In summary, this study enhances our understanding of the oceans’ role in past climate change, while providing vital insights into how oceanic processes might influence future global warming.

As Wang succinctly put it, understanding the dynamic relationship between the ocean, particularly the Southern Ocean, and atmospheric CO2 is key to predicting how the ocean’s carbon cycles will respond to ongoing climate change.

More about ocean oxygenation

The ocean, covering more than 70% of the Earth’s surface, plays a pivotal role in sustaining life both within its depths and on land.

As discussed above, a key aspect of this role is ocean oxygenation, a process that maintains the delicate balance of oxygen levels in marine environments.

At the heart of ocean oxygenation lies the process of oxygen dissolving from the atmosphere into the surface waters of the ocean.

Winds and waves facilitate this exchange, ensuring a continual supply of oxygen to the upper layers of the ocean.

Moreover, photosynthesis by marine plants and phytoplankton contributes significantly to oxygen levels, particularly in sunlit surface waters.

Deep ocean oxygen supply

The deep ocean receives oxygen through a remarkable process called thermohaline circulation. This global conveyor belt moves oxygen-rich surface waters to the depths, and brings nutrient-rich water to the surface.

As surface waters cool at the poles, they become denser and sink, carrying oxygen to the deep ocean. This circulation is critical for sustaining life in the deep sea, where sunlight cannot penetrate.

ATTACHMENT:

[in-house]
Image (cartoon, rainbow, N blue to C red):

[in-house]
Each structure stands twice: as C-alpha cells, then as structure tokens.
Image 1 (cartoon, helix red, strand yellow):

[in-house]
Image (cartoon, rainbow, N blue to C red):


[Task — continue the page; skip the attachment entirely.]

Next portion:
Oxygen is vital for the survival of most marine organisms. Fish, marine mammals, and various invertebrates rely on dissolved oxygen for respiration.

Healthy oxygen levels support rich biodiversity, from coral reefs to deep-sea ecosystems.

Moreover, oxygenation plays a crucial role in the decomposition of organic matter, preventing the buildup of harmful substances.

Challenges and threats

Despite its critical importance, ocean oxygenation faces significant threats, primarily due to human activities.

Climate change, leading to ocean warming, reduces the solubility of oxygen in seawater. Additionally, increased nutrient runoff from agriculture leads to eutrophication, causing harmful algal blooms that deplete oxygen levels and create dead zones.

In summary, ocean oxygenation is an essential yet often overlooked component of our planet’s health. It supports a diverse array of marine life, contributes to global climate regulation, and is integral to the ocean’s overall productivity.

Protecting and preserving this vital process requires concerted global efforts to reduce greenhouse gas emissions, manage nutrient runoff, and understand the intricate dynamics of our oceans.

Only through such actions can we ensure the continued vitality of our marine ecosystems for generations to come.

The full study was published in the journal Science Advances.


Like what you read? Subscribe to our newsletter for engaging articles, exclusive content, and the latest updates.


Check us out on EarthSnap, a free app brought to you by Eric Ralls and


News coming your way
The biggest news about our planet delivered to you each day